What is Positive Economics | What is Normative Economics
Positive economics is economics that does not apply objectives to what an economy should be doing or what it “ought to be” doing. It ill describe equilibrium levels at certain prices and quantities but give no opinion on whether that is an appropriate price of quantity, It will examine the quantity theory of money and the interest rate while never stating whether an interest rate is good or bad. The “free market” is a system of unabridged interaction between every individual and mathematically maximizes personal and societal utility. In its pure form there is no objectives laid out for people’s interactions/actions except for the intentions those individuals have for themselves. In short, positive economics describes what an economy is and the interactions in it, without applying goals or values to them. Before positive economics was known as such, it was referred to as value-free economics.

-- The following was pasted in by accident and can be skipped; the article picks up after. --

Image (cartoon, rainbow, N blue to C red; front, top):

Normative economics is the economic branch that tries to put goals on an economy through the control and regulation of what people do. When people say they think the economy is good or the economy is bad, they are using the normative economics mindset. In their mind the economy “ought” to be a certain way and things must be done to control people to make it that way. Whether they think the GDP is too low and therefore they encourage a government to tax money away to increase government consumption to raise the GDP, or they advocate a national bank to control the interest rate to “encourage borrowing” or “encourage spending”, they are pushing a normative economics policy.
In its root form, economics ought to be thought as in the positive sense. Due to people’s drive to control other’s interactions and actions a positive approach is generally taken and the general public thinks of economics in that regard as well.
Why positive economics should be invoked instead of normative economics
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